Most construction projects have a lot of moving parts. From the simplest residential housing project to the largest industrial complex, there are a dizzying array of design decisions that call for trade-offs between form, function, quality, cost and time-to-completion. They also involve a lot of players.
Architects and engineers develop design specifications to account for project owner requirements while attending to structural integrity, building codes and safety standards. Contractors line up suppliers and staff the project with skilled managers, supervisors, craft workers and subcontractors.
Amidst this complex ecosystem, conflicts on the job site are far too common. The division of responsibilities often causes contributors to lose sight of how their individual tasks align with the project as a whole. Arguments can erupt over task ownership and who will take responsibility for mismatched deliverables or gaps in products or services. General contractors often find themselves in the unenviable position of resolving heated arguments or brokering solutions to these problems.
At best, it’s a waste of time and energy that could be applied to community engagement, business and employee development, or process improvement. At worst, it results in sizable cost overruns that needlessly drain the firm’s resources. A successful general contractor will use BIM (Building Information Modeling) on larger projects and host a pre-construction meeting with everyone involved in order to detect potential collisions at the job site.
Progressive construction firms have been adopting Total Quality Management (TQM) initiatives to foster effective collaboration, improve the quality and timeliness of the work, reduce cost overruns, bolster the firm’s reputation in the marketplace and reduce stress. It takes account of everyone’s needs and strives to get everyone on the same page before breaking ground. It makes use of performance measurements to track progress, identify opportunities for improvement and take effective action to alleviate trouble spots and concerns. It places decision making authority in the place where it will do the most good. Harmonious relations from top to bottom combined with smooth operations lead to fewer headaches and more profit.
While construction firms interpret TQM to suit their distinct cultures and ecosystems, their programs generally align with the following core principles.
They focus on what the customer wants. Clients value quality, cost and adherence to schedule. However, construction firms also consider architects, engineers and subcontractors customers because they consume products, services and information and require support. Their needs center on clearly defined statements of work, fair price negotiation, access to key decision makers, prompt payment and effective communication and feedback throughout the project.
They manage by facts. Construction firm owners establish key performance indicators to measure or monitor their own activities as well as those that impact clients and partners. Some of these metrics lend themselves to objective measure – e.g., payment cycle times. Others focus on subjective indicators – e.g., customer satisfaction surveys. They use these measurements to maintain high levels of quality and service while surfacing problems or issues that could impede progress on the project or strain working relationships.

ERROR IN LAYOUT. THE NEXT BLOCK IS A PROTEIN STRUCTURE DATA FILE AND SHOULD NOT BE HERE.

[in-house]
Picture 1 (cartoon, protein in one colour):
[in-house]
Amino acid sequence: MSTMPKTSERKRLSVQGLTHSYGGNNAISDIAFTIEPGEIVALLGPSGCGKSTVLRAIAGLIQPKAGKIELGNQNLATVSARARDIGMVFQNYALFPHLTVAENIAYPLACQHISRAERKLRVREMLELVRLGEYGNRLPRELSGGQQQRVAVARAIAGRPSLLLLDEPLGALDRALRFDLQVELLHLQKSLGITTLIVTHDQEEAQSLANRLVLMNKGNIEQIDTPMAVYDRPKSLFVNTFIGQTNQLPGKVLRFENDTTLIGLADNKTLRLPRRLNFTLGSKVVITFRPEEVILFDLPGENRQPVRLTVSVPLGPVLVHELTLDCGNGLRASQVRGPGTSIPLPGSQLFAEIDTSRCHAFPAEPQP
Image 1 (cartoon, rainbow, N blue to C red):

They commit to a process of continuous improvement. As problems or issues arise, owners work with the team to identify all possible root causes that led to a negative outcome. Root causes could involve people, processes, equipment, material or some combination thereof. They brainstorm ideas to correct the root causes and prioritize action based on the potential for improvement. They work with the affected parties to institute change and take new measurements to either confirm or challenge the revised approach.
They empower their employees. By providing the appropriate training, resources and support, management grants power, authority and responsibility to individuals who are closest to the customer. This approach increases the efficiency with which decisions and problem resolution are addressed while encouraging personal growth. Successful mentors offer guidance and support in response to employee inquiries without becoming directly involved in the matter.
Aside from the bottom line benefits of total quality management programs, early adopters have experienced improved morale and reduced turnover and days lost on the job due to safety and health accidents. At a time when labor shortages in the industry have reached new heights, these benefits are worth their weight in gold. In fact, many programs have proven so successful that owners actively encourage (if not require) their subcontractors to adopt some or all of the defining principles.
While there are several standards and frameworks that govern TQM, implementation be delayed by lack of a textbook solution with all of the associated documentation and certification. Management may choose to invest in training and begin applying the principles to their operation. Intentional, incremental change may offer a practical road to sustainable performance improvement.
Gary’s extensive knowledge of the construction industry allows him to provide value-added services that save clients money, helps them comply with regulations and requirements, and take advantage of opportunities helping them grow their business.